As is to be expected of space travelers, Hungarians claim to have founded certain places…one of them being Hollywood. Adolph Zukor of Paramount Pictures, one of the early Hungarians in Hollywood is said to have had on the wall of his office an inscription: “TO BE A HUNGARIAN IS NOT ENOUGH.” To this George Marx adds, “in a low voice Adolph would add, ‘but it may help’.” He continues, “Non-Hungarians in Hollywood used to say, “If you have a Hungarian friend, you don’t need an enemy.” The MGM commissary was said to have a sign which read, “Just because you’re Hungarian, doesn’t mean you’re a genius!”
The influence of Hungarians on Hollywood is astounding. In 1996, the Associated Press reported that of the 136 Oscar nominations since 1929, Hungarians had won 30 of them. Some of the names are more familiar than others. George Cukor—not to be confused with the aforementioned Adolph Zukor, “Mr. Motion Pictures,” founder of Paramount Pictures, and producer of perhaps the first film “Prisoner of Zenda”—captured five best director nominations, including for My Fair Lady (’Enry ’Iggins says of Zoltan Karpathy: “Every time we looked around there he was that hairy hound from Budapest. Never leaving us alone, never have I ever known a ruder pest.”). William Fox of “20th Century Fox” was born near Tokaj, Hungary, famous for its sweet wines. Among the better-known actors other than Bela Lugosi (born Bela Blasko) and the Gabor clan, we can name Leslie Howard, born Laszlo Steiner, and Tony Curtis, born Bernard Schwartz (born in Budapest, fluent in Hungarian), and Peter Lorre.
Speaking of Bela Lugosi…there is the following unforgettable exchange between Johnny Depp playing legendary B-moviemaker Ed Wood and Martin Landau (himself of interplanetary space travel frequently) in his Oscar-winning portrayal of aging, foul-mouthed, bitter, and morphine-addicted Bela Lugosi in Tim Burton’s “Ed Wood” (1994):
[Ed and Bela are watching Vampira’s TV show.]
Ed Wood: Oh, I hate it when she interrupts the picture. She doesn’t show ’em the proper respect.
Bela Lugosi: I think she’s a honey. Look at those jugs!
[Bela Lugosi casts a love spell on Vampira who is on TV while moving his fingers like Dracula]
Edward D. Wood, Jr.: My Gosh, Bela, how do you do that?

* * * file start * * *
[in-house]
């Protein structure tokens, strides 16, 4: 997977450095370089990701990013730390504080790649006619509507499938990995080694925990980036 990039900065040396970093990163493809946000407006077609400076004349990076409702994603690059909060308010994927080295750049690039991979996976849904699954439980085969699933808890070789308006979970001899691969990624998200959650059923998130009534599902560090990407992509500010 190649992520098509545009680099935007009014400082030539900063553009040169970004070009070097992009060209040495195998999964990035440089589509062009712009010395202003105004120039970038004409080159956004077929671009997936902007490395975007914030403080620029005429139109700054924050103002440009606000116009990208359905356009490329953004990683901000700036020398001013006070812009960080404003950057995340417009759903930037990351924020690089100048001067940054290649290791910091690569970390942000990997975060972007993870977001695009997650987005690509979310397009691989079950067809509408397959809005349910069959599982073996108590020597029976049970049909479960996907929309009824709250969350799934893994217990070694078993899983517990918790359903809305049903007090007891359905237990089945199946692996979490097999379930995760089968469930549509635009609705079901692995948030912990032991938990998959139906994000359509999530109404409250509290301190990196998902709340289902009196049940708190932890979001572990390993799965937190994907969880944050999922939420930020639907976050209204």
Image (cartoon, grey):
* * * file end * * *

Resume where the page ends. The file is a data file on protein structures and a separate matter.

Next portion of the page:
Bela Lugosi: You must be double-jointed. And you must be Hungarian. [!]
Some “Hungarians” famous in film and television will come as a surprise. Drew Barrymore’s mother was Ildiko Jaid Mako. Jerry Seinfeld might talk about Ceausescu above, but his father was named Kalman Seinfeld. Paul Newman’s mother was Hungarian. And half of the famed animator set behind “The Simpsons” and a series of other cartoons, Klasky Csupo—Gabor Csupo—is a Hungarian (he fled Hungary in 1975 hiking through a 2 ½ hours through a darkened railway tunnel to Austria).
The trivia of all these cases is to say the least entertaining. Other great finds on the webenetics site are the following. Ilona Staller, aka Ciccolina, of blue movies and green politics, had a red father—a member of the early communist Interior Ministry. And Juan Epstein’s mother—whose signature concluded every excuse note Juan Epstein brought to class in the 1970s ABC sitcom “Welcome back, Kotter!”—is in fact Hungarian, Juan Epstein having been played by Robert Hegyes.
“What’s that? Hungarian roots?”: Budapest and Wanting the Other MTV
Then there are the Hungarian roots of rock and pop stars. Appropriately enough, while Art Garfunkel is of Romanian Jewish ancestry, Paul Simon is of Hungarian Jewish ancestry. Tommy Ramone, drummer for “The Ramones,” was born with the more sedate name of Thomas Erdelyi. We can salute Gene Simmons of KISS (or should it have been KISz?) as half-Hungarian, and you might find it ironic, but you ought to know that Alanis Morissette is supposedly half Hungarian. It also turns out that the father of the Knopfler brothers of the “Dire Straits” band was a Hungarian Jew who fled the Nazis to Glasgow in 1939.
The Hungarian tie of “Dire Straits” is interesting—even if probably entirely incidental—in light of the “video within a video” of the band’s most famous commercial/video success, “Money for Nothing (1985).” “Money for Nothing” is better known for its line “I want my MTV”—brilliant and somewhat satirical marketing, mention the video channel coming of age in an iconic way in your song/video and you will guarantee play there. (It was also the first video played when MTV Europe debuted on 1 August 1987—for those too young to remember, MTV, no not Magyar Televizio, was a brief experiment in playing something called “music videos” until reality shows killed the music video star). The premise, the inspiration of “Money for Nothing,” was a bunch of workers moving appliances and commenting while, as it turns outs, watching Sting’s “The Russians” video on a wall of TV screens. (Ooohhhh, Sting mentioned the Russians, do they really love their children too? Ooooohhhhh, how daring…because I’m sure the Russians do love their children too…1985, the eighties, ugh). I had always wondered about “the video within the video” since the bikini-clad “mama she got it stickin’ in the camera lens” model appears to be posing in the Halaszbastya (Fisherman’s Bastion on the Buda side of Budapest) which I had then just recently visited (May 1985, the video came out in September 1985). Turns out I wasn’t hallucinating for as Dennis O’Connell writes:
The video was produced by Steve Barron, who envisioned that the entire video be computer animated. The band wanted a live video. The final product was a mix: footage from Budapest enhanced by computers along with a computer generated character, Sal, which was inspired by Joe Pesci’s character in Raging Bull.
Sting, the object of the workers’ derision that gave rise to the song, performs back up vocals on “Money for Nothing.” Bringing everything full circle, my Russian History professor in college decided to open his semester with “Money for Nothing” blaring as students entered the classroom.